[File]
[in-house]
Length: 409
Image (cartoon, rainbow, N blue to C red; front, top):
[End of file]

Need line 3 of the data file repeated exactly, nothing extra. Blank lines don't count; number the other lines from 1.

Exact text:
Image (cartoon, rainbow, N blue to C red; front, top):